Expat portrait: Sarita, freelance writer and blogger in Copenhagen

It’s time for an expat portrait again! Today, I’m introducing Sarita, a fellow Copenhagen blogger who I’ve also met during The Hive Blogging Conference in May.

If you’re an expat in Denmark and would like to be featured, just drop me a line!


Sarita moved to Copenhagen in early 2012, when her husband was offered a job here. She writes a great blog centered around gift giving called The Orange Gift Bag, which you should definitely go check out! Her mission is “to uncover the best gifts after love”, and her guide to gift giving in Denmark is a must-read for any expat here.

Sarita Rajiv - For Copenhagen Tales

What is your favorite thing about living in Denmark?

I live in Copenhagen and my favourite thing about living here is that it’s such a compact city. You can get to most places within and around the city within half an hour either on cycle or the efficient public transport.

What do you miss most from your home country?

I miss my family and friends in India and all the festivals we celebrate back home. I can get quite nostalgic thinking about them, but I’ve now begun to celebrate them in the best way I possibly can in Denmark.

If you could describe Denmark in 3 words, which would you use?

Charming, homogenous and balanced (work-life).

In your opinion, what is the weirdest or funniest thing Danes do?

I find it unusual that Danes are not particularly religious but they are tradition bound. You notice it in the way they celebrate festivals and the tradition of having the christening, confirmation and  wedding ceremonies at the church but rarely visiting it the rest of the year.

What is your favorite Danish food? What is the worst?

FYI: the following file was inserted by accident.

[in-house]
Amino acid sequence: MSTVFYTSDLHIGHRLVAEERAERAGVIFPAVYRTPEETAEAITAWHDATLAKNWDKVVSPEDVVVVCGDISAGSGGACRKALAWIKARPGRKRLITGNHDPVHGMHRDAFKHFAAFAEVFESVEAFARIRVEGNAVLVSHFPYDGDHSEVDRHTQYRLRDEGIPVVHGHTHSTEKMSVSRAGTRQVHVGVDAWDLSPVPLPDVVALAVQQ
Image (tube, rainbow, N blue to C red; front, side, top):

My favourite is the smørrebrød…it’s a fun piece of Danish cuisine. The worst would have to be  leverpostej…I just can’t get myself to eat it.

Which Danish tradition would you like to keep even if you move away from Denmark in the future?

It would be nice to continue the tradition of hygge.

What are your favorite three places in Denmark or the Danish city you live in?

  • Fælledparken  - I love visiting it with my daughter; there’s so much to explore and do.
  • Hovedbibliotek (The main library) - my source for English novels and my “office” when I need a change from working out of home.
  • Paludan Bogcafe - Perfect place to meet friends and have work meetings.

What is the most important thing you have learned during your time as an expat in Denmark?

To be realistic about my expectations. In hindsight, I was a bit naïve to assume that I would make many Danish friends quickly without knowing anything about the nature of Danes or Danish society.

Which advice would you give someone considering to move to Denmark?

Saunter, don’t rush into a relationship with Denmark. Give both Denmark and yourself the time to understand each other. Don’t be in a hurry to set expectations or make judgements.

Finally, we all have a love-hate relationship with the Danish language. What is your favorite Danish word, and what does it mean?

Punktum aka full stop/dot/period. It’s got a fun ring to it and I absolutely love using it when I’m saying an email id or a website address in Danish.


Do you have any questions or comments for Sarita? Post them here, and I’m sure she’ll be happy to answer them!

Expat portrait: Melanie, freelance writer and blogger in Copenhagen

It’s time for an expat portrait again! You guys have already met Melanie, a fellow Copenhagen blogger who I’ve had the pleasure of meeting during The Hive Blogging Conference in May, when I introduced her in the writers’ blog hop last month.

If you’re an expat in Denmark and would like to be featured, just drop me a line!


Melanie, 39, is originally from the UK and pretty much a Copenhagener by naturalization by now - she’s been living here since 2008. She lives in Østerbro with her family, and if you haven’t done so yet, you should stop by her lovely blog, Dejlige Days. You can also find her on Facebook.

Melanie

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Expat portrait: Rosemary, writer in Copenhagen